Menstrual disorder: The new silent killer

Daily Sun

Nigeria

Stories by AZOMA CHIKWE
Tuesday, April 6, 2010

Endometriosis implants can occur outside the pelvis, on the liver, in old surgery scars, and even in or around the lining or brain. These implants, while they can cause problems, are benign or not cancerous. Briefing the press in commemoration of this year’s Endometriosis Month (March), Managing Director of Nordica Fertility Centre, Dr Abayomi Ajayi disclosed that the exact prevalence of endometriosis is not known, since many women may have the condition and have no symptoms. It is estimated to affect over one million women in the United States.

He further stated that most cases of endometriosis are diagnosed in women aged around 25-35 years and has been reported in girls as young as 11 years of age. According to him, “endometriosis is coined from two words, ‘Endo and Metra’ meaning ‘Inside and Womb’. Endometriosis is the growth of cells similar to those that form the inside of the uterus (endometrial cells), but in a location outside the uterus.

Endometriosis cells are the same cells that are shed each month during menstruation. The cells of endometriosis attach themselves to tissue outside the uterus and are called “implants”. These implants are most commonly found on the ovaries, the fallopian tunes, outer surfaces of the uterus or intestines, and on the surface lining of the pelvic cavity, they can also be found in the vagina, cervix and bladder.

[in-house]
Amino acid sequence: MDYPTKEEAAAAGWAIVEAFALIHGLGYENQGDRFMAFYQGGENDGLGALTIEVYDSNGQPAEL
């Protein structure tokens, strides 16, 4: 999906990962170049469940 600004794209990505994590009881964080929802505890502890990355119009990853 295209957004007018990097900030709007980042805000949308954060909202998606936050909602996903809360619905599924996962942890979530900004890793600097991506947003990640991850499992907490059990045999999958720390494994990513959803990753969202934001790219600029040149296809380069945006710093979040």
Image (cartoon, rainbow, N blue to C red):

“Rarely, endometriosis implants can occur outside the pelvis, on the liver, in old surgery, and even in or around the lung or brain. These implants, while they can cause problems are benign (not cancerous).
“Endometriosis affects women in their reproductive years. The exact prevalence of endometriosis is not known, since many women may have the condition and have no symptoms. It is estimated to affect over one million women (estimates range from 3 percent to 18 percent of women) in the United States. Most cases of endometriosis are diagnosed in women aged around 25-35 years. It has been reported in girls as young as 11 years of age. It is rare in postmenopausal women. It runs in families and delaying pregnancy until an older age is also believed to increase the risk of developing endometriosis.

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Author: Leslie Carol Botha

Author, publisher, radio talk show host and internationally recognized expert on women's hormone cycles. Social/political activist on Gardasil the HPV vaccine for adolescent girls. Co-author of "Understanding Your Mood, Mind and Hormone Cycle." Honorary advisory board member for the Foundation for the Study of Cycles and member of the Society for Menstrual Cycle Research.